MR. KIRBY:  I didn't say they were never entering Ukrainian air space.  But they're -- but they're not -- but the preponderance of them are not.  I mean and when they do they don't stay in Ukrainian air space very long and that's because Ukrainian air defenses are still so effective.  Yes?

Q:  Thank you, John.  Because it's a public interest in Ukraine, I have to return to my question I tried to discuss with you last week, it was too early, obviously.  Right now after President Biden signed the Lend Lease for Ukraine Act, what's the consideration from the Pentagon point of view?  Do you have any plan how, you know, the aid will be separated between the foreign military sales and possibly --

(CROSSTALK)

MR. KIRBY:  Yes, we're still -- I mean I think -- look, still analyzing the Lend Lease Act to determine exactly specifically what authorities and what capabilities it will help us provide.

I would remind that in many cases it's going to require some bilateral agreements between the United States and Ukraine.  That's what Lend Lease is about.  And Lend -- through Lend Lease when an item is given to a country they're responsible for either returning it -- maintaining it and returning it and or providing compensation for it should it not be able to be returned.

And so there's -- for each item under Lend Lease you've got to work through -- you got to work through that agreement.  So we're analyzing it, all the authorities now that the act -- now the law -- will give us and we're certainly going to act in accordance with the law, certainly in the spirit and the intent of it but it's just too early to know with granularity exactly what that's going to mean.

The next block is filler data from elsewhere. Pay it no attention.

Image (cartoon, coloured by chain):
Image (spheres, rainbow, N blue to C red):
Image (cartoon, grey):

In the mean time, however, we continue to urge Congress to pass the president's supplemental request, which he asked for $33 billion, $5 billion of that would include draw down authority -- additional draw down authority -- so that we can continue uninterrupted, providing things out of our own stocks.  Yes.  Go ahead.

Q:  (Inaudible).

MR. KIRBY:  Hi, Mike, how are you?  It's hard with the lights sometimes to see everybody's face.  What's going on?

Q:  Can I ask you sort of a general question.  What do you think is the -- are the U.S. strategic objectives in arming Ukraine with billions of dollars of arms apart from defending -- helping Ukraine to defend itself?

MR. KIRBY:  That is the strategic objective is to help Ukraine defend itself against this unlawful and unprovoked invasion.  I gather that the question is kind of getting at what does victory look like and victory is -- needs to be defined by the Ukrainians by President Zelenskyy and the people of Ukraine, not the United States.

So what we want to do is make sure that we are giving Ukraine the advantages they need on the battlefield and at future negotiating table to be able to define for themselves what victory is going to look like.

Q:  So there isn’t, as it were, an extra-overarching objective --

MR. KIRBY:  An extra overarching objective such as?

Q:  Such as vis-à-vis America and Russia?